Central bank digital currencies backed by digitalization and technology could replace traditional cash in cross-border payments in some economies but with proper safeguards, said the IMF in “Cross-Border Payments—A Vision for the Future” seminar that took place on Monday October 19, where a group of distinguished panelists in the world of cross-border payments discussed potential solutions to enhancing cross-border payments, the benefits and risks of cross-border use of digital currencies, and their macro-financial implications.
The seminar was moderated by IMF Managing Director Kristalina Georgieva and panelists included Jerome Powell, Chair of the Federal Reserve, Ahmed Abdulkarim Alkholifey, Governor of the Saudi Arabian Monetary Authority, Agustín Carstens, General Manager of the Bank of International Settlements, and Nor Shamsiah Yunus, Governor of the Central Bank of Malaysia.
MD Georgieva opened the discussion by stressing that now the world has a chance to improve cross-border Payments, especially for many of the world’s poorest people and that there is a pressing need to do so at a time when technology is accelerating and changing lives. She also gave her recommendations on how to tackle the issue.
“Fixing these shortcomings will require a concerted and coordinated global effort involving a variety of public and private actors. And it is urgent, given the need to spur economic recoveries and counter fragmentation, particularly post COVID-19. We must improve existing systems and we must explore new ones potentially taking advantage of central bank digital currencies. Coming up with new solutions could bring significant efficiency gains, but it could also affect monetary and financial stability. Widespread use of new forms of digital money could make it harder for country authorities to run independent monetary policy and control domestic financial conditions,” said Georgieva.
Chair of the Federal Reserve, Jerome Powell announced the Federal Reserve’s commitment to evaluating the potential costs and benefits of a Central Bank Digital Currency for the U.S. economy and payment system, but the decision hasn’t been made yet. He also argued that the decision to issue a CBDC will be made by each individual country since the opportunities and risks will differ by country and jurisdiction.
“We are committed to carefully and thoughtfully evaluating the potential costs and benefits of a central bank digital currency for the U.S. economy and payment system, as well as for its international implications. We've been actively participating with other central banks and the BIS in that work. And we feel that collaboration has been very productive. We have not made a decision to issue it a CBDC, and we think that there's a great deal of work yet to be done, as well as extensive public consultation to be had with all stakeholders before making such a decision. The dollar is the world's principal reserve currency, as you pointed out. And I assure you that we will be approaching this question with great care,” said Powell.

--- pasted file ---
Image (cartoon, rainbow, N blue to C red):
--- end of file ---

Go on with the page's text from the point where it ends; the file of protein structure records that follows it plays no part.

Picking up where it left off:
Governor of the Saudi Arabian Monetary Authority, Ahmed Abdulkarim Alkholifey shared his government’s experience with exploring the area of the design of the wholesale CBDC and its application in the issue of a single currency as well as cross-border settlement through Aber, a project they did in collaboration with the United Arab Emirates Central Bank.
“We believe digital payments, including the CBDC in both retail and wholesale situation would be helpful in supporting a safer and hopefully more efficient payment system overseen by central banks,” said Alkholifey.
Agustín Carstens, Bank of International Settlements’ General Manager, said that he doesn’t believe that CBDC by itself a threat to the international monetary system and since central banks will have control that will provide grounds on how to facilitate payments internationally.
“The key difference with the CBDC is that the central bank will have absolute control on the rules and regulations that will determine the use of that expression of central bank liability. And also, we will have the technology to enforce that. Those are those two issues are extremely important,” said Carstens.
To watch the full conversation, click here.